How to Stop Your Car Windows From Fogging Up Inside

With the weather getting colder and wetter, the hindrance of getting in our cars first thing in the morning with frozen fogged-up windows is upon us. This isn’t great when you’re late for work. So what can you do to stop your car windows from fogging up?

First things first, clear the frost on the outside of the windscreen, if any. This will increase the temperature slightly of your screen.

If you do this job with the engine running, great, but I have to emphasize that you should not turn your car’s heating on as soon as you start the car. The heat you get from your heaters is drawn from the engine’s cooling system. (Confused yet?) If you turn on your fans straight away, you’ll be taking away the little heat the car has generated and actually be cooling the engine. Don’t turn your heaters on for a good five or ten minutes; after that, you can blast the heaters and clear your screen a lot quicker than if you had them running from startup.

As described earlier, fogging occurs when different temperature air meet and form condensation on the windshield. During the scorching summers in India, there is nothing like escaping into an air-conditioned car. However, when the hot air from outside meets the cooled surface of the glass windows and windshield of the car, it immediately condenses and creates a layer of fog which forms on the outside of the windshield. Normally, the fogging that occurs in the summer is a lot easier to remove and here are some tricks you can use.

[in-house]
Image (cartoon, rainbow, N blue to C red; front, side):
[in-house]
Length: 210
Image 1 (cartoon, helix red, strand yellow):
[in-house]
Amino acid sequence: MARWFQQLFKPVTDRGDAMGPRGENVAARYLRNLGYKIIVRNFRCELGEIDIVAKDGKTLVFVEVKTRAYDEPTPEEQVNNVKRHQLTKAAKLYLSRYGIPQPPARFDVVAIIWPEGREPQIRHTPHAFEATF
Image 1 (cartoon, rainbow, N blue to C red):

Although the cool air inside the car might feel exquisite in summer, it can be quite dangerous while driving. If you want to reduce the amount of fogging on your windshield, try and reduce the power of the air conditioning. When the temperature is increased inside the car, the air will begin to match the air outside and stop fogging quickly. What you can also do to stop your car from fogging up is to open a window a little bit to allow the outside air into the car. This will not only balance the temperatures quicker, but it will also allow you to keep enjoying your cool breeze.

OK, this step may not sort out a steamed windscreen if there’s a problem, but it may get you on your way quicker.

If your car steams up no matter what you do, then here are a few things you should do to prevent excess moisture building up and to maybe eliminate some causes of that.

  • If you are always in a hurry and wipe the windscreen on the inside with a mitt or tissue, this could be one of your problems. Doing this makes the windscreen dirty and oily, making it easier for the moisture to build up, so no sooner have you wiped it than it steams up again. Try to avoid wiping your windscreen.
  • Get some good window cleaner, like 5-star rated Invisible Glass Cleaner. Rain-X does a windscreen repellent for the outside which I can not rate high enough; this stuff is excellent. It dramatically increases visibility on those journeys when your windows wiper can’t keep up. By cleaning your windows, you should dramatically reduce the moisture buildup.